So with that short story in mind, I wanted to let each of you know who Team Imagine rode for.  There are so many personal reasons why each of us did this, and there are so many things to say, but for us the names below say it all.  We rode for the families of those listed below, and more importantly we rode for the following loved ones…

We rode in honor of: Robert Johnson (my dad), Betty Lepper, Lucy Butler, Wain Sloan & Christina Campbell, Norma Monday, Manisha Kulshresta, Bryan Lee, Jan Condreay & Dottie Arms, Sonja Yngve, Louis F. Rhodes, Jr., Dick and Judy Russell, and all cancer victims and their families.

We rode in memory of:  Aunt Venesa (my aunt), Gene Hilt, James Stillman, Grandpa Rich, Herman Spain, Dorothy and Elsie Woodruff, Russ’ Dad, Paul’s Mom, Vina Lue Larson, Hema’s aunt who fought the 18 year battle against breast cancer, Meeta & Milan’s dear friend - Sameer & cousin - Uma Jiji, Ruth Morsbach, James A. Lewis, Louis Rhodes, Sr., Carol Kramer, Jean McClatchey, Wilma Young, and as a friend of mine said, “all my family members who have died from cancer and are too numerous to name.”

During this ride, I thought about each of you.  I thought about your loved ones.  I thought of our hope, our pain, our glee, and sometimes our grief.

Thank you for taking the time to read this, and for allowing me to ride for so many of you.  Thank you for allowing me to ride in memory/honor of your loved ones.

Take care my friends.


Monday, July 28, 2008

This was kinda a test weekend for the upcoming charity bike ride I am doing for cancer.  Those who know me, know that I dislocated my knee last year, and have been somewhat slow to recover.  Even with that, I still have been hitting the road lately – about 60 minutes or so is normal.  

Well the upcoming ride is going to be 66 miles, and it is only about 3 weeks away.  Because of my role on the Sunflowers to Roses board, I might only doing half the ride – 33 miles, but that is still to be determined. I mean, I am dedicating this ride to my dad who just finished his cancer treatment a couple of months ago. With that in mind I thought that if I plan on riding even 33 miles I had better test out the knee… push it just a little bit.  So last week, I road pretty hard for four out of five days.  I hit the hills, I hit the straight always, I joined the cars, and I enjoyed the heat, I road on average about 17 mph.  Not bad for a guy with a bad leg.  After last week's rides, the knee wasn’t to bad, but the lung and heart capacity are WAY down.  I need to build those up.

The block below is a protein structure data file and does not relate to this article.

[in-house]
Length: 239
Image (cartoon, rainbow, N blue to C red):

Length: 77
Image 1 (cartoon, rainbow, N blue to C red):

On top of that, 3 weeks until the Sunflowers to Roses charity ride…yikes… so yesterday I hit the road ago, and decided that I need to ride at least 33 miles. 33 miles of hills, roads, trails, dodging dogs and cars and potholes.  Riding is my outlet... my stress relief.  It gives me time to think about nothing other than the scenery, churning those pedals, and the road ahead (oh, and the occasional  dog or yelling driver of a car).  Then if I can ride for a couple of hours I am in heaven.  This particular day gave me some nice away time.  With that in mind, here is the break down of that ride:


  • Time: noon start
  • Temp: 94 when I started
  • Wind: mild
  • Cloud cover - noon

Miles 1 – 10 no problem.  I road at about 18 mph, but had to watch my heart rate that was hanging out in the 160s.

Miles 11-15.  Not much of a problem  - about 17 mph, and I still watched the heart rate.  The heart rate jumped up a bit due to some hills – mid 170s – ugh.  I need it in the 160s or less.

Miles 16 -23 I kinda hit a wall for this stretch.  There were a lot more hills, and a totally new area, as well as some trails that I took.  Average mph was down to 13 and the heart hit a max of 193.  The heart still hung out around 180 for this entire period.  Not fun – and lactic acid is not something you want to build up in your legs or you will hit a wall for sure.

Miles 24 – 33 I was back to semi-normal.  I averaged about 17-18 mph and I felt good again.  The heart rate dropped, but only to about 174… still to high.

I came home, ate some food to refuel, cooled down under a ceiling fan and in the air conditioning, and let the legs relax for a few minutes. 

What's next?

Recover ride today if the weather holds.  Longer rides this coming weekend. 

Riding dedication for the week – 

  • For the body - better food intake, better liquid intake, and very little caffeine.